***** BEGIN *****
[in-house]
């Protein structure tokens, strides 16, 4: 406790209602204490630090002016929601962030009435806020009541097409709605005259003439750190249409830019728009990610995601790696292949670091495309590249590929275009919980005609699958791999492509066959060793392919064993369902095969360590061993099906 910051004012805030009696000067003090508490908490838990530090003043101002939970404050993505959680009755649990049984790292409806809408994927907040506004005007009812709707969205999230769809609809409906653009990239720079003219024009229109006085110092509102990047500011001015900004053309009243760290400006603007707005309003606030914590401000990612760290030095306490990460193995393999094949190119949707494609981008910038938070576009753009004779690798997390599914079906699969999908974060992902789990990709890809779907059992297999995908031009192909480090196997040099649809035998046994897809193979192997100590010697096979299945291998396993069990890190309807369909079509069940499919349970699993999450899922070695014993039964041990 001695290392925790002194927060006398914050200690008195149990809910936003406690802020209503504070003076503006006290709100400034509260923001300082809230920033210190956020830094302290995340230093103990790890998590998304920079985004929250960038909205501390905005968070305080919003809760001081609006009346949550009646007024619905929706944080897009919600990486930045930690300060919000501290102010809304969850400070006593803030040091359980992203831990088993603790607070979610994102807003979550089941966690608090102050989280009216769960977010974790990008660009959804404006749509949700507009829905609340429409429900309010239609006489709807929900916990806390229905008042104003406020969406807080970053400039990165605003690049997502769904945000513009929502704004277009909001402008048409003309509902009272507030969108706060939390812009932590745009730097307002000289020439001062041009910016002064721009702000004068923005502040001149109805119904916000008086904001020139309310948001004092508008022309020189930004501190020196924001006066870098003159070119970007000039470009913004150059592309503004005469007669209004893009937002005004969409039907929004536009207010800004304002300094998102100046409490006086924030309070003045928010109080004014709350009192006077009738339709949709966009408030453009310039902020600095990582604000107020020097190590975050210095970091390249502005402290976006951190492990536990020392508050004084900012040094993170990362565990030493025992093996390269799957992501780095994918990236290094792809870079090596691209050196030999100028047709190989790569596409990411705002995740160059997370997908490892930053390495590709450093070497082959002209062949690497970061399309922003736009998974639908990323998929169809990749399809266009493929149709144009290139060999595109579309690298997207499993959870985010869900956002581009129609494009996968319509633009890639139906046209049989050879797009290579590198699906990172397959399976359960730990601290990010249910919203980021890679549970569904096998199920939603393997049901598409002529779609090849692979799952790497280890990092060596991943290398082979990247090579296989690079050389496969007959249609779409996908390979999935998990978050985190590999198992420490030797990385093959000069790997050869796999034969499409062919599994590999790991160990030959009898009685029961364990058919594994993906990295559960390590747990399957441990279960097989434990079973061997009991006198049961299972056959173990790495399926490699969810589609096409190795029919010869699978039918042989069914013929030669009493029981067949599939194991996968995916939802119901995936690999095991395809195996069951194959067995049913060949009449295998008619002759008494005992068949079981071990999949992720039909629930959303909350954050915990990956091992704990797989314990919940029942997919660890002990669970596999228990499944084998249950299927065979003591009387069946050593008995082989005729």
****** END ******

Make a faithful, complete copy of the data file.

[in-house]
């Protein structure tokens, strides 16, 4: 406790209602204490630090002016929601962030009435806020009541097409709605005259003439750190249409830019728009990610995601790696292949670091495309590249590929275009919980005609699958791999492509066959060793392919064993369902095969360590061993099906 910051004012805030009696000067003090508490908490838990530090003043101002939970404050993505959680009755649990049984790292409806809408994927907040506004005007009812709707969205999230769809609809409906653009990239720079003219024009229109006085110092509102990047500011001015900004053309009243760290400006603007707005309003606030914590401000990612760290030095306490990460193995393999094949190119949707494609981008910038938070576009753009004779690798997390599914079906699969999908974060992902789990990709890809779907059992297999995908031009192909480090196997040099649809035998046994897809193979192997100590010697096979299945291998396993069990890190309807369909079509069940499919349970699993999450899922070695014993039964041990 001695290392925790002194927060006398914050200690008195149990809910936003406690802020209503504070003076503006006290709100400034509260923001300082809230920033210190956020830094302290995340230093103990790890998590998304920079985004929250960038909205501390905005968070305080919003809760001081609006009346949550009646007024619905929706944080897009919600990486930045930690300060919000501290102010809304969850400070006593803030040091359980992203831990088993603790607070979610994102807003979550089941966690608090102050989280009216769960977010974790990008660009959804404006749509949700507009829905609340429409429900309010239609006489709807929900916990806390229905008042104003406020969406807080970053400039990165605003690049997502769904945000513009929502704004277009909001402008048409003309509902009272507030969108706060939390812009932590745009730097307002000289020439001062041009910016002064721009702000004068923005502040001149109805119904916000008086904001020139309310948001004092508008022309020189930004501190020196924001006066870098003159070119970007000039470009913004150059592309503004005469007669209004893009937002005004969409039907929004536009207010800004304002300094998102100046409490006086924030309070003045928010109080004014709350009192006077009738339709949709966009408030453009310039902020600095990582604000107020020097190590975050210095970091390249502005402290976006951190492990536990020392508050004084900012040094993170990362565990030493025992093996390269799957992501780095994918990236290094792809870079090596691209050196030999100028047709190989790569596409990411705002995740160059997370997908490892930053390495590709450093070497082959002209062949690497970061399309922003736009998974639908990323998929169809990749399809266009493929149709144009290139060999595109579309690298997207499993959870985010869900956002581009129609494009996968319509633009890639139906046209049989050879797009290579590198699906990172397959399976359960730990601290990010249910919203980021890679549970569904096998199920939603393997049901598409002529779609090849692979799952790497280890990092060596991943290398082979990247090579296989690079050389496969007959249609779409996908390979999935998990978050985190590999198992420490030797990385093959000069790997050869796999034969499409062919599994590999790991160990030959009898009685029961364990058919594994993906990295559960390590747990399957441990279960097989434990079973061997009991006198049961299972056959173990790495399926490699969810589609096409190795029919010869699978039918042989069914013929030669009493029981067949599939194991996968995916939802119901995936690999095991395809195996069951194959067995049913060949009449295998008619002759008494005992068949079981071990999949992720039909629930959303909350954050915990990956091992704990797989314990919940029942997919660890002990669970596999228990499944084998249950299927065979003591009387069946050593008995082989005729």